August 13, 2019 / 2:44 AM / 5 days ago

China's steel futures rise on production limits, iron ore extends losses

* Steel futures rises as much as 2.5%

* Dalian iron ore moving within tight range

BEIJING, Aug 13 (Reuters) - China’s steel futures picked up on Tuesday, rising as much as 2.5%, as some steel mills began to limit production on the back of recent price falls and an expected softening in demand.

The most-active construction steel rebar on the Shanghai Futures Exchange, for October delivery, rose 1.7% to 3,662 yuan ($518.88) per tonne as of 0215 GMT. It closed down at 3,589 yuan a tonne on Monday.

“Some steel firms have reached the breakeven levels and have been actively limiting production,” said Richard Lu, senior analyst at metals consultancy CRU Group’s Beijing office.

“Demand for rebar is expected to soften in the second half of this year and would be in line with the real estate market,” Lu said.

The most-traded iron ore contract on the Dalian Commodity Exchange, for January delivery, extended losses but held in a tight range. It was down 0.9% at 620.0 yuan a tonne as of 0215 GMT.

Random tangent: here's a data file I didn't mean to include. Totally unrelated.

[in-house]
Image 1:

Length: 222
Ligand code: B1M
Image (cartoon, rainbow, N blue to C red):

Port stocks of seaborne iron ore across China stood at 122.5 million tonnes as of August 11, after rising for almost a month, weekly data tracked by SteelHome consultancy showed. SH-TOT-IRONINV

FUNDAMENTALS

* Benchmark spot 62% iron ore for delivery to China SH-CCN-IRNOR62 was down 3.2% at $90.5 a tonne on Monday, the lowest level in over four months, SteelHome data showed.

* Hot-rolled steel used in cars and home appliances rose 1.4% to 3,677 yuan a tonne.

* Other steelmaking inputs also rose, with Dalian coking coal edging up 0.18% at 1,416.5 yuan a tonne while coke gained 1.3% to 1,996 yuan.

* Brazil’s mining regulator on Monday pushed back deadlines by up to four years to close dangerous tailing dams.

* China’s vehicle sales fell in July for a 13th consecutive month and new energy vehicle sales contracted for the first time in over two years.

* For the top stories metals and other news, click or ($1 = 7.0575 Chinese yuan renminbi) (Reporting by Min Zhang and Shivani Singh; editing by Richard Pullin)

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